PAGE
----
GRACE: free embroidery pattern

GRACE: free embroidery pattern

November is coming to an end, so it's time for a lil freebie to make this month a bit more exciting ^^. This time it's the Grace embroidery design that you might already be familiar with from my previous posts. I'm excited to share not only the pattern and stitches I used but also a bit of guidance and tips. Hopefully, it will make the stitching process easier for you! 


This design features 3 key elements:
  • Rope-looking lines and outlines for the leaves
  • Filling of the leaves
  • Lettering

Lines


All of the lines are worked in stem stitch. You can see some additional tips on stem stitch in the following posts: Changing direction of stem stitch and the 6 faces of stem stitch.

GRACE: free embroidery pattern

Long story short, as you are stem stitching, keep bringing your needle up to the left of your stitches. This will help you achieve the “rope” appearance of your stem stitch.

Given that the direction of lines keeps changing throughout the whole pattern, be careful to not mix up the sides of where the needle should come up. If you are confused, rotate the hoop or embroidery frame so that the line faces upwards and make sure the needle comes up to the left of the line.

When I stitched I worked the outline in portions. Let's say I completed 25% of outline first, then filled in some of the leaves, then worked the next 25% of outline and so forth. It helped me to keep a steady path.

GRACE: free embroidery pattern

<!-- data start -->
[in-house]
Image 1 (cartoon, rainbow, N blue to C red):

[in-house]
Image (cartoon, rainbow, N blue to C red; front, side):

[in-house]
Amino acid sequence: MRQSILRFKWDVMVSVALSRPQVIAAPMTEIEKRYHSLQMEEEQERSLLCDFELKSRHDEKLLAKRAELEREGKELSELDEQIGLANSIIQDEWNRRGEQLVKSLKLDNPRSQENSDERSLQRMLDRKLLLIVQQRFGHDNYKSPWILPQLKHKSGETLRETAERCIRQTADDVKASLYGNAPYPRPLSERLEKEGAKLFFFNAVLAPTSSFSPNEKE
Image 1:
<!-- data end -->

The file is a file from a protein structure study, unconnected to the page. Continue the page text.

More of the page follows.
But, of course, it might be more convenient for you to work it in another way. Maybe you'd like to complete all of the outlines first and only then fill in the leaves. It's completely fine! Decide for yourself the order of working this embroidery pattern and work it in the way that makes you comfortable!

I used two strands of floss for the box around the word GRACE, and one strand of floss for the rest of the lines. It made the plant motif look finer and helped the box to stand out.

Leaves


All of the leaves are filled with the fishbone stitch after the outline is already complete. The leaves are not always conveniently “straight” and with even edges. Their form changes here and there and sometimes they are not complete or cross with other leaves.

GRACE: free embroidery pattern

So, yes, although the fishbone stitch itself is quite easy to pick up on, this design might still present a challenge. As a result, it will be an excellent practice of fishbone stitch for you ;)

The order of working the leaves can be whatever you want. Just like with outlining I did it in portions, but it is possible to fill all the leaves with one shade of floss first, and then another and so on.

I used two strands of floss when I embroidered the leaves in this pattern.

GRACE: free embroidery pattern

Also, in some places leaves “fold”. These small areas are worked by satin stitch using one strand of floss in the needle. I didn't do any padding here. Just stitched the outline the same way as the areas of the plant motif and covered the “foldings” with parallel satin stitches.

Lettering


I used an easy and quick approach to lettering for this design. Take two strands of floss and outline a letter in back stitch first. Then “wrap” the letters in satin stitch.

GRACE: free embroidery pattern

Because the letters are not that big and we use two strands of floss, there is no need for any padding. The letters look dimensional enough and pop out of the fabric surface.

GRACE: free embroidery pattern

That's pretty much it. In case you have any questions left, you're always welcome to leave them in the comments below or send me a DM through the contact form :)



Have a nice stitching!